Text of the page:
Picking up where he left off last year, Treasury Under Secretary John D. Hawke Jr. recently made a pitch for legislation to revamp the nation's financial laws. Speaking Jan. 8 in San Francisco to the Association of American Law Schools, Mr. Hawke said the banking industry will regret its opposition to financial reform.

Here are excerpts of Mr. Hawke's comments.

It's become increasingly clear that if there is no legislation in the current Congress, thrifts and the diversified financial services firms that own or want to acquire thrifts will be the big winners. And banks will be losers. Banking organizations will be denied the broad new authority to expand the scope of their financial acts that seems to be taken for granted in the legislative process so far.

Instead, banking organizations, if there is no legislation, will have to make do with the limited ability they have to sell insurance and securities under present law, and with whatever may emanate from the Comptroller of the Currency's so-called Part 5 initiative (the operating subsidiary rule). The full potential for Part 5 won't be known for a number of years, until the inevitable litigation is resolved.

In the meantime, the thrift charter will increasingly be turned to by insurance and securities firms that will recognize its utility as a point of entry into the insured depository institutions business. The more invested in the thrift charter the diversified companies become, the more difficult it will be in succeeding Congresses to achieve the kind of legislation that we've proposed, because interests will have shifted.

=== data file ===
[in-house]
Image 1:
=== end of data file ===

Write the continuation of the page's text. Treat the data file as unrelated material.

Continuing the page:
Paradoxically, the biggest losers are likely to be those that have been most hostile to financial modernization legislation: independent bankers, the banking and commerce hard-liners, and the Federal Reserve itself, which may find the financial services industry has passed it by in favor of entering the banking business through the means of the thrift charter.

If there is no legislation, the banks are going to end up being the big losers.

From a competitive point of view, there is a certain smugness in the banking industry: "Why do we need legislation? After all, we can do some securities activities, we can sell some insurance." I think that's very short-sighted, because the securities and insurance firms can get into the depository institutions business by acquiring thrifts.

The federal thrift charter is fabulous. It can branch any place in the country. It has better preemption rights with respect to state laws than even national banks.

For anybody doing a nationwide consumer finance type business, a federally chartered thrift is ideal. There is going to be a big movement- you're already beginning to see it-to the ownership of thrifts.

In the absence of rational legislation, the thrift charter will become the charter of choice. And banks will be left struggling with what they've got.

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